Clinical trials are at the heart of the successful development of new medicines for patients. Like any other specialized area, clinical trials has a vocabulary and jargon all its own and the processes involved are highly standardized for ethical, practical and regulatory reasons. No matter. Most people can get a grip on the topic in sufficient detail to understand in general terms what people are talking about.
The first part of this book provides a helicopter view of the clinical trials process with Chapter 1 explaining why we do what we do as a broad structure into which the later process chapters will fit. The second chapter reviews the history of clinical trials per se and the evolving ethical and regulatory considerations (i.e., how we got to where we are). Complementing these two chapters is the commercial perspective: the imperative for moving forward. Armed with these three chapters as background, the succeeding nuts and bolts process chapters will fall into place. You will be able to see exactly how any given discipline fits in and plays its part in delivering the overall clinical trial program. For make no mistake, the successful design, execution and delivery of an effective clinical trial program relies on excellent cooperation, understanding and respect within an often widely dispersed multi-disciplinary team. We specifically set out to ask experienced clinical researchers from all the relevant disciplines to write succinct and straightforward chapters which would explain what their role is and how this fits into a very exciting big picture, overall.
In addition, we felt it was very important to acknowledge the role of the patient because without their participation no clinical trial would proceed. Frequently, it is the enthusiasm and dedication of patients that keep clinical trials on track. There is currently a great need for a better public support of clinical trials, but this can only happen if both patients and clinical trial researchers fully engage with each other. Many clinical researchers are highly experienced in the operational and regulatory aspects of trials, but how many of them have actually become involved as a patient? The answer is probably very few! In combination with the other contributions, Chapter 13 helps fill this gap as it is written by someone who has both worked on clinical trials and yet also participated as a patient.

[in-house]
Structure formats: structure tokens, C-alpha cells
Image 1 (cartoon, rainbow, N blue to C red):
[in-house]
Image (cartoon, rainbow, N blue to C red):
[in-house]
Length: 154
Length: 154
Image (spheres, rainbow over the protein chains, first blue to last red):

We have tried to present these chapters in a logical way so that the flow of the clinical trials process is also apparent. This is rather artificial, as it will be clear to those who read the book straight through, that many activities happen in parallel and that while there is relatively little down time for any specific group, there are often times of frenzied activity! Each chapter also stands alone as a quick dip foundation or refresher. Everyone involved in clinical trials finds it demanding to keep up-todate with current developments in the field. Therefore, as a final aspect to the book we have tried to explore what the future of clinical trials might be. There are numerous factors that have shaped clinical trials until now and far more that will influence their development in the future. We can only guess at what the future of clinical trials might be, but one certainty is that we will continue to rely on them for the development of new medicines.
We believe you will come away with a really good basic grasp of the excitement of the clinical trials process, its drivers, checks and balances, and how you may even be able to contribute in a wide variety of ways.